Friday, October 13, 2006
New Delhi (UNI): The accolades for Rang De Basanti continue! After being chosen the Indian entry in the Best Foreign Film category at the Oscars and subsequently being sent in seven other mainline Oscar categories, Rakeysh Mehra's Rang De Basanti has now bagged the Best Film award at the Indian film festival in Sydney, which concluded a couple of days ago. Rang De Basanti was adjudged the best film, from among the several Indian films screened during the fourth edition of the Indian film Festival at Sydney, by an all Australian Jury,'' the director of the film Rakeysh Mehra told UNI here. In doing so, 'Rang De Basanti' beat other contenders including Vishal Bhardwaj's Omkara, Rajkumar Hirani's Lage Raho Munnabhai, Rohan Sippy's Bluffmaster, Apurva Lakhia's Ek Ajnabee, Homi Adjunia's Being Cyrus Priyadarshan's Chup Chup Ke, Karan Johar's Kabhi Alvida na Kehna, Kunal Kohli's Fanaa, Jahnu Barua's Maine Gandhi Ko Nahin Mara and Aparna Sen's 15 Park Avenue, Mehra said.
Rakeysh Mehra, who returned from Sydney this morning after attending the film festival, which began on October 5, said the screening of Rang De Basanti at the event drew an overwhelming response.''What was heartening to note was the fact that most of the people among the jam packed hall screening the movie were Australians and not local Asians. Normally when an Indian film is screened at a film festival abroad, there are more Asians in the audience than locals,'' Mehra said.''The huge response to Rang De Basanti, as also others like Being Cyrus shows that Indian films are finally getting the eyeballs from people outside the Asian community settled abroad.This also means that films with universal theme and content like Omkara and Rang De Basanti are meeting with acceptance from people other than the Asians which is a matter of happiness for Indian cinema in that it signifies a greater potential for them in foreign countries,'' Mehra said.
Mehra said that Being Cyrus, starring Saif Ali Khan, Dimple Kapadia and Naseeruddin Shah evoked tremendous interest from among the Australians during its screening. Also, there was tremendous interest for retrospective of Yash Chopra films screened at the festival. ''The retrospective, which opened with the 70s classic Kabhie Kabhie, was keenly watched by local Australians,'' Mehra said. Mehra said the huge response from Australians to the screening of 'Rang De Basanti' has opened a non-traditional market like Australia for Bollywood film-makers. ''Traditionally, Bollywood films have been released in countries like United Kingdom, United States, Dubai and East Africa. However, the increasing interest level for Indian films in Australia meant that the country could serve as another potential market for Indian films,'' he said.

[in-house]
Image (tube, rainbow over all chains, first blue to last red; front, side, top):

The lineup at the film festival included more than 20 films ranging from the commercially successful to the critically acclaimed. Says festival Director Mitu Bhowmick Lange,''In 2006 the festival featured the biggest range of Indian cinema we have ever presented - from the most mainstream commercially successful Hindi films to the most experimental and interesting films coming out of India at the moment. It is the most diverse and exciting showcase of Indian Cinema ever in Australia and I am very proud to present this exciting program to Australian audiences.'' Rang De Basanti was last month chosen by the Film Federation of India as India's nominee' for the Best Foreign Film category at the Oscars. Subsequently, the producers UTV decided to enter the film for seven other mainline categories at the prestigious awards.
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